I believe the tune is generally played in D, but I played it in C this time.

I'm hoping that some of my fellow Hangout members know some more about the history of this tune, and will contribute to the thread. I'm looking forward to hearing other peoples' versions.

gailg64 - Posted - 03/04/2011:  10:31:30


Nice!
And for something equally cool, there's a really nice cut I've heard (and need to look up a link for) of Arthur Smith fiddling Dickson County with Earl Scruggs playing banjo in a really wonderful old-time flavored style (similar to the McGee Bros.)

quote:
Originally posted by whitetop_banjo

Here's a version attached to this post of me and some of my friends. It's Andy Cahan on fiddle, Alan Rutherford (Enoch's grandson) on banjo, myself on guitar, and Bill Sluys on bass. I really like this tune but don't play it on fiddle or banjo. Andy and Alan do as good of job as anyone I've heard on it,though.
I'm 99% sure the Juneberry referenced link ISN'T Tommy Jarrell, but rather the Fred Cockerham version from the Heritage LP by Ray Alden. I don't think Tommy played it on fiddle. I've heard several people in this area say Fred Cockerham wrote the tune, for what it's worth. Someone else might chime in who knows more, but I wouldn't doubt that being the case.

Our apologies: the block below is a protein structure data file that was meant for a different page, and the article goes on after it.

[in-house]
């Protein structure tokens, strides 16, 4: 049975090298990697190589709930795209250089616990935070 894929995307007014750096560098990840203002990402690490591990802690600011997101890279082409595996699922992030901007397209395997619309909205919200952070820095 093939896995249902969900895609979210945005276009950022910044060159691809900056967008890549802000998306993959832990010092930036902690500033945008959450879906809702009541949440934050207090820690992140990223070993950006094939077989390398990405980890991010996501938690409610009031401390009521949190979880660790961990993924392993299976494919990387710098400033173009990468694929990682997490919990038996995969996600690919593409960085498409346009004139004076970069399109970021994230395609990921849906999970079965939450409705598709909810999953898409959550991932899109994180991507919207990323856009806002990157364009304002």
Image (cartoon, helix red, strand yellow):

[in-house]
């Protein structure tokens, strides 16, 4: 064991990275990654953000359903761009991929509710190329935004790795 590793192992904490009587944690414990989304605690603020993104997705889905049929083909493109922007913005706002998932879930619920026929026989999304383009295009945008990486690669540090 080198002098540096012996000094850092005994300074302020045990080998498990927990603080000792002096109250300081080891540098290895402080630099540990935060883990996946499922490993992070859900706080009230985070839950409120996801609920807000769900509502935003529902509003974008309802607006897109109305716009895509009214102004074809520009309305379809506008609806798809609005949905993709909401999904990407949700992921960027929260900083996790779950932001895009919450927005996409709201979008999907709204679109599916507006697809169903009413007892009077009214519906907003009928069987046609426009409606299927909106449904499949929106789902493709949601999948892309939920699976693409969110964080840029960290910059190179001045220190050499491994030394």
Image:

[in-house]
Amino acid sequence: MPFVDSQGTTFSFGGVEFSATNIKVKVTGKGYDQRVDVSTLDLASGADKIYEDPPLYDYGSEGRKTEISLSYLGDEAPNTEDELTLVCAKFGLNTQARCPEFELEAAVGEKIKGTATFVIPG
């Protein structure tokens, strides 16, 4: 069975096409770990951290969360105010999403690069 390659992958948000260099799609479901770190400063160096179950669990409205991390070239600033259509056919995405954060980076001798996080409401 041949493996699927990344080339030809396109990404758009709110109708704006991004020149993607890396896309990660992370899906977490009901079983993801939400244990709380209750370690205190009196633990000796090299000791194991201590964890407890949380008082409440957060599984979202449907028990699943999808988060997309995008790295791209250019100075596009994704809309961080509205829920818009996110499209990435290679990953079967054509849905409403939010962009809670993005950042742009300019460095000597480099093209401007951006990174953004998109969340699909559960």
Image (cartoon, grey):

mojo_monk - Posted - 03/04/2011:  10:38:53


quote:
Originally posted by gailg64

Nice!
And for something equally cool, there's a really nice cut I've heard (and need to look up a link for) of Arthur Smith fiddling Dickson County with Earl Scruggs playing banjo in a really wonderful old-time flavored style (similar to the McGee Bros.)





saggyrecordcabinet.blogspot.co...uggs.html


-Sean

atleson - Posted - 03/04/2011:  13:02:16


terrific tune. I can get most of it, but does anyone have a good tab?

jim

gailg64 - Posted - 03/04/2011:  13:23:04


Hi Sean, Thanks for that link, Jeremy has a lot of wonderful stuff there. I just checked though & I think that's the OTHER Dickson Co. Blues, really nice, but not the one similar to Fred's Logan CO. Blues, which Smith called Dickson County Blues NO. 2. I'll have to run this by the folks over at the Fiddle Hangout to get the origin, but to me that sounds very much like LCB once you get past the first couple of measures. The notes are similar but the timing is different in the introduction.